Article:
1. Generally, any initial change, in response to a sudden step change in some factor, that is greater than the steady-state response to the new level of that factor; common in systems in which inertia or a time lag in negative feedback outweighs any damping that may be present. Changes in a negative direction are sometimes distinguished by the term undershoot, and the two may alternate in an oscillatory fashion, as in the transient oscillations of a pendulum when released from an initial displacement.
2. Momentary reversal of the membrane potential of a cell (inside becoming positive rather than negative relative to the outside) during an action potential; considered a form of overshoot because, before discovery of overshoot, excitation was thought merely to depolarise the membrane to zero transmembrane potential.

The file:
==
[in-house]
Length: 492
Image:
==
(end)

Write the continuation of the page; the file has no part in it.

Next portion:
Results from our forum
... your BP recovers and you don't pass out every time you stand up. It is a neat little process: Stand up, BP drops, HR increases slightly, BP then overshoots a little, HR adjusts to accomodate the overshoot, then there is a little ripple dance between the two as they balance out to normal operational ...
See entire post